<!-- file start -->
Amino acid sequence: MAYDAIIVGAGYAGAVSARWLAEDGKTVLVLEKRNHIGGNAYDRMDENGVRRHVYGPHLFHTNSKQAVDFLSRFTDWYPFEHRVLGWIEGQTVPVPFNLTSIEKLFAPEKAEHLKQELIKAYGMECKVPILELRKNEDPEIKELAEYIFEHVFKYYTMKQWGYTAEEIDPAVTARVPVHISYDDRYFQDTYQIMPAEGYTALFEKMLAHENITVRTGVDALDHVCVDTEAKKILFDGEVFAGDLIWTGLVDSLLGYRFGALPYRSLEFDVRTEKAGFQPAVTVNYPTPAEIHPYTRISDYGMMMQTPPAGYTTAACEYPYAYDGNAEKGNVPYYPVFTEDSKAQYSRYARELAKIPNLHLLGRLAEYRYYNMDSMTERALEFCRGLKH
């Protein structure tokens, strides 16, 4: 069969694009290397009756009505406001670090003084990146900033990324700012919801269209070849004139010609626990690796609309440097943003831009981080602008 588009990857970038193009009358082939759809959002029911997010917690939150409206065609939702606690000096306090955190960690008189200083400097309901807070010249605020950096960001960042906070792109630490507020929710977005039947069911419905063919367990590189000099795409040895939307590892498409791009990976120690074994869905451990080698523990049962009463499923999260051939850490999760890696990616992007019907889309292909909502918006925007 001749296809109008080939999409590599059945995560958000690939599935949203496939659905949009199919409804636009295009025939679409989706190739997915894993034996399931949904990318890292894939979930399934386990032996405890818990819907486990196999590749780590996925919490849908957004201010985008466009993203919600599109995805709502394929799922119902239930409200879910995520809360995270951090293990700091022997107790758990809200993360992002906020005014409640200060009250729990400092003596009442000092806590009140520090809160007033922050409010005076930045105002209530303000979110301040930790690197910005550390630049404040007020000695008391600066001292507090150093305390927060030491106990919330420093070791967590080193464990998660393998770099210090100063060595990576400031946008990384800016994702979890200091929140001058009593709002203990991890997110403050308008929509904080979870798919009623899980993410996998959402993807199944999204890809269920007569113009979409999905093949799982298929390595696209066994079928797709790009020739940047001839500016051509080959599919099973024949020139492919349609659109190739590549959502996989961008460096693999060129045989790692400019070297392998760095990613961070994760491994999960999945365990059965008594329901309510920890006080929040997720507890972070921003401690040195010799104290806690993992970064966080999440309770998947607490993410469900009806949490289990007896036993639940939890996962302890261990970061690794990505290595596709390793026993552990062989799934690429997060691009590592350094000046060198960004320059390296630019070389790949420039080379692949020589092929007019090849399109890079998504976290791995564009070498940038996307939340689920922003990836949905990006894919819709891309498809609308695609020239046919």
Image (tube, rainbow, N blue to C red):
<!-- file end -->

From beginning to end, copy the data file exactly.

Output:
Amino acid sequence: MAYDAIIVGAGYAGAVSARWLAEDGKTVLVLEKRNHIGGNAYDRMDENGVRRHVYGPHLFHTNSKQAVDFLSRFTDWYPFEHRVLGWIEGQTVPVPFNLTSIEKLFAPEKAEHLKQELIKAYGMECKVPILELRKNEDPEIKELAEYIFEHVFKYYTMKQWGYTAEEIDPAVTARVPVHISYDDRYFQDTYQIMPAEGYTALFEKMLAHENITVRTGVDALDHVCVDTEAKKILFDGEVFAGDLIWTGLVDSLLGYRFGALPYRSLEFDVRTEKAGFQPAVTVNYPTPAEIHPYTRISDYGMMMQTPPAGYTTAACEYPYAYDGNAEKGNVPYYPVFTEDSKAQYSRYARELAKIPNLHLLGRLAEYRYYNMDSMTERALEFCRGLKH
């Protein structure tokens, strides 16, 4: 069969694009290397009756009505406001670090003084990146900033990324700012919801269209070849004139010609626990690796609309440097943003831009981080602008 588009990857970038193009009358082939759809959002029911997010917690939150409206065609939702606690000096306090955190960690008189200083400097309901807070010249605020950096960001960042906070792109630490507020929710977005039947069911419905063919367990590189000099795409040895939307590892498409791009990976120690074994869905451990080698523990049962009463499923999260051939850490999760890696990616992007019907889309292909909502918006925007 001749296809109008080939999409590599059945995560958000690939599935949203496939659905949009199919409804636009295009025939679409989706190739997915894993034996399931949904990318890292894939979930399934386990032996405890818990819907486990196999590749780590996925919490849908957004201010985008466009993203919600599109995805709502394929799922119902239930409200879910995520809360995270951090293990700091022997107790758990809200993360992002906020005014409640200060009250729990400092003596009442000092806590009140520090809160007033922050409010005076930045105002209530303000979110301040930790690197910005550390630049404040007020000695008391600066001292507090150093305390927060030491106990919330420093070791967590080193464990998660393998770099210090100063060595990576400031946008990384800016994702979890200091929140001058009593709002203990991890997110403050308008929509904080979870798919009623899980993410996998959402993807199944999204890809269920007569113009979409999905093949799982298929390595696209066994079928797709790009020739940047001839500016051509080959599919099973024949020139492919349609659109190739590549959502996989961008460096693999060129045989790692400019070297392998760095990613961070994760491994999960999945365990059965008594329901309510920890006080929040997720507890972070921003401690040195010799104290806690993992970064966080999440309770998947607490993410469900009806949490289990007896036993639940939890996962302890261990970061690794990505290595596709390793026993552990062989799934690429997060691009590592350094000046060198960004320059390296630019070389790949420039080379692949020589092929007019090849399109890079998504976290791995564009070498940038996307939340689920922003990836949905990006894919819709891309498809609308695609020239046919």
Image (tube, rainbow, N blue to C red):